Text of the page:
Inactivity has also reached pandemic levels around the world, concluded another study, yet there are ways to foster activity.

Read about the research on inactivity

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5. Lightening Our Heavy Nation

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The fact that the United States is facing an obesity epidemic is not new: two thirds of adults and one-third of children are now overweight or obese. Over three decades starting in 1980, the percentage of obese children increased from 7 to almost 20 percent. And the consequences of growing up and having excess body fat are dire. Obesity increases the risk of seven cancers, as well as type 2 diabetes and a host of other diseases.

In May, an Institute of Medicine (IOM) report identified concrete ways in which our country can reverse these alarming obesity trends. Accelerating Progress in Obesity Prevention: Solving the Weight of the Nation evaluated hundreds of strategies to reach a series of recommendations that occurs at all levels of society, from parents to schools.  

We spotlighted IOM panel member and obesity expert Shiriki K. Kumanyika, along with the IOM/HBO documentary Weight of the Nation.

Read the interview and about the IOM report.

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6. Sugary Drinks' Link to Weight Gain Strengthens

Numerous observational studies have suggested that regularly drinking sugary beverages contributes to weight gain. In September, two well-controlled and experimental studies published in The New England Journal of Medicine strengthened that link.

These experimental and relatively long-term studies both focused on how sugary beverages affect the weight of children and adolescents. The research adds powerful new evidence to AICR’s recommendation that people should avoid drinking sugary beverages to reduce cancer risk because it may lead to excess body fat. Obesity links to increased risk of seven types of cancers.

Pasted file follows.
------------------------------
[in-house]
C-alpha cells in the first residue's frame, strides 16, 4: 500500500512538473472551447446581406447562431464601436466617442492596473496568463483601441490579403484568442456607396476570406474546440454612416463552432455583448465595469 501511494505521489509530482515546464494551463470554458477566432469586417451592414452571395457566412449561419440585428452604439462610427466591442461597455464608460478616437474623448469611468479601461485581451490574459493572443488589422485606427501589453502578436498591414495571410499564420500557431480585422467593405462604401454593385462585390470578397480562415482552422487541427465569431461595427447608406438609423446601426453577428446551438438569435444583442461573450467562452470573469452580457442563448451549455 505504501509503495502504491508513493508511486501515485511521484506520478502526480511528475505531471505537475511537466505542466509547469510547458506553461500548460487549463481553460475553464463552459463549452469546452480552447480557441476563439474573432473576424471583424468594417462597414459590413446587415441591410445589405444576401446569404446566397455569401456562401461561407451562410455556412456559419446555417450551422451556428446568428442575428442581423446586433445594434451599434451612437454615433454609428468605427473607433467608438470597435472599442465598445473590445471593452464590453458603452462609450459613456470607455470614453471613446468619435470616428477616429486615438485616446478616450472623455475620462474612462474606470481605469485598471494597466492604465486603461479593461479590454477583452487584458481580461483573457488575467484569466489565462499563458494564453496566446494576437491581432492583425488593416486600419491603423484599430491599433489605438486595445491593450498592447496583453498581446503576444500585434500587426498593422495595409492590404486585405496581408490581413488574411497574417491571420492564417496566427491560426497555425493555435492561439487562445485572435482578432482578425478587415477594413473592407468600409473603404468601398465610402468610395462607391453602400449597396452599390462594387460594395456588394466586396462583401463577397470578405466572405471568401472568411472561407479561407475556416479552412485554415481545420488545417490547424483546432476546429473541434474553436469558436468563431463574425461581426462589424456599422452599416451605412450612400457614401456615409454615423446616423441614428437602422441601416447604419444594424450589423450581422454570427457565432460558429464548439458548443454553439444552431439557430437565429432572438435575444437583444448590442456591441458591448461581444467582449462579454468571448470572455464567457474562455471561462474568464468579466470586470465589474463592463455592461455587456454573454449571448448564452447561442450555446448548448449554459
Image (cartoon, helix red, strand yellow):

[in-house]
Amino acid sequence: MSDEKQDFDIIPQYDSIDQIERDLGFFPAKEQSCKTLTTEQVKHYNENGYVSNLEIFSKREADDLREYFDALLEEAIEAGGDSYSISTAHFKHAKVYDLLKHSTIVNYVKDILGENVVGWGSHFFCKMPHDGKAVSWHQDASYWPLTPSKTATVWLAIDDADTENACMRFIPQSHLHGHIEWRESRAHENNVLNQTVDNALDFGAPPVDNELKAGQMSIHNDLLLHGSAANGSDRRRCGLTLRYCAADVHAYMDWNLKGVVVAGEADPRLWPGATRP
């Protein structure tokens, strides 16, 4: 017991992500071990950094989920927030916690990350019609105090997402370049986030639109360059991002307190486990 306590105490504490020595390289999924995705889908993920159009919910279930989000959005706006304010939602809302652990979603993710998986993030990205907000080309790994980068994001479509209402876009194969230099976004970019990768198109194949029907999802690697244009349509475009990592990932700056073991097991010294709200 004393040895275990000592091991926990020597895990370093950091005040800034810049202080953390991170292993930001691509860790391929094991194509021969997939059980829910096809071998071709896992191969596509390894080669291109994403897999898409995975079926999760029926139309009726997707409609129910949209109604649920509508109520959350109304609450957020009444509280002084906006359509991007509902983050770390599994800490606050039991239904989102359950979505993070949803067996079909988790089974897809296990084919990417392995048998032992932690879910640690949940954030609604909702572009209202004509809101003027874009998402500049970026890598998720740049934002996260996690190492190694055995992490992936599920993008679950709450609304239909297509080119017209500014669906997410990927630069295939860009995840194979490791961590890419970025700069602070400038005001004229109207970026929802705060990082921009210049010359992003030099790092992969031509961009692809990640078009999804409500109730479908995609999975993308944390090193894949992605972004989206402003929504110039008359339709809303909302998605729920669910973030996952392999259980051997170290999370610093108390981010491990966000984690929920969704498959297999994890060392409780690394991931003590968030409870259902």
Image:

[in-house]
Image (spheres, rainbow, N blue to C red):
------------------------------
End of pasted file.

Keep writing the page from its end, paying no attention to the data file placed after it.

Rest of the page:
Read more about the studies.

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7. Losing Weight for Lower Cancer Risk

The evidence is clear that excess body fat increases the risk of seven cancers, including postmenopausal breast and endometrial. If being overweight and obese increases the risk, does losing weight lower it? It makes sense, but it’s a less well-studied research area.

Two studies published this year support that it can, at least for women. Both studies, which were conducted by the same team of researchers, focused on indicators or biomarkers related to inflammation, such as C-reactive protein (right). Chronic inflammation links to increased risk of some cancers.

Read more.

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8. Ways to Keep the Weight Off

When it comes to weight loss, experts often note that losing weight is the easy part, it’s keeping it off that’s the real challenge. Strategies to lose weight for the short term versus long term really are different, according to a study published in May, and focusing on healthy eating – rather than calories – is one way to keep weight off for the long haul.

Adding vegetables and fruits was the single most effective strategy to keep weight off for the long-term, which in this study was four years.  Eating fewer meats, cheeses and desserts, and drinking fewer sugary beverages were also ways the women successfully lost and kept off the weight.

Read more about the strategies.

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Triangle How do the editors’ picks compare to what most interested our readers? Take a look and see: We wrote about the nine most popular stories in this month’s AICR eNews.